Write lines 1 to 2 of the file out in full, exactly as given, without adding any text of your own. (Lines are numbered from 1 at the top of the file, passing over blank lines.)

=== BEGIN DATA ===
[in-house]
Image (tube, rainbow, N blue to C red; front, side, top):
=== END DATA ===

[in-house]
Image (tube, rainbow, N blue to C red; front, side, top):